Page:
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A summons just landed in your hands.  You have been sued. Consulting a lawyer is the first important step for fighting the lawsuit. Then, you have to respond.  There are several ways to respond, and you must respond to show that you are contesting the case.  Otherwise, whoever sues you automatically wins by default.


Know your deadlines.  For most lawsuits, the law requires you to file a written response within 30 days (sometimes 20 days).  Otherwise, the other side wins by default and can enforce this judgment by garnishing wages, placing liens on your property, or levying your bank accounts.


An Answer is the most common way to respond.  In essence, you answer by admitting or denying the specific allegations of the complaint.  The answer also must include any defenses to the allegations, or they are waived.  Even if you file motions or counterclaims, you likely will eventually file an answer for the case to proceed.

General Denial

The General Denial is a simple response and in one sentence, you deny every allegation in the complaint.

Motion to Dismiss

The motion to dismiss, also called a demurrer, attacks the legal sufficiency of the complaint.  This does not attack the truth of the allegations, but rather that they do not state a claim for relief.

The motion can also attack the complaint if it is uncertain or if the plaintiff does not have capacity or standing to sue.  The motion can even attack jurisdiction issues, which apply if you have been sued in the wrong geographic location or in the wrong court.  An alternate option is to file a motion to change venue or motion to transfer, which asks the Court to move the case to another court.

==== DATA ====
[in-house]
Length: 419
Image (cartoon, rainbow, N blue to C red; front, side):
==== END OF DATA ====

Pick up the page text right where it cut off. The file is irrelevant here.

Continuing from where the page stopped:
This motion may get rid of some claims in the complaint, but often the court will grant the other side the opportunity to amend the complaint.

Motion to Quash Service of Summons

The motion to quash service of summons attacks the method use to serve the summons and the complaint.  This often occurs if there is a defect in the summons or process by which you were served.  For example, this can apply if the summons forgot to list your name or if the summons was emailed to you (instead of served to you in person).  This type of response will not get rid of the case.  The court will often give the other side an opportunity to properly serve you and the case will then proceed.

Motion to Strike

The motion to strike asks the court to eliminate parts of the complaint. This may apply if the complaint is not understandable, redundant, scandalous, or not relevant.  The court may delete any or all parts of the complaint.  This motion is similar to a demurrer, but is generally used to remove specific parts such as phrases or individual words.  The demurrer is generally used to attack an entire cause of action.


Counterclaims, also called cross-complaints, are claims that you may have against the person who sued you.  Basically, you’ve been sued, and now you want to sue them back.  If your counterclaim arises out of the same transaction, occurrence, or series of events, then you must file them in this lawsuit or they will be given up forever.

However you choose to respond, you must also send a copy of your response (i.e. answer, motion to dismiss, etc.) to the person who sued you.  Most courts require you to attach a proof of service.  If you do want to respond, do not wait until the last minute to seek an attorney.  Your attorney will need adequate time to prepare a response by the deadline.

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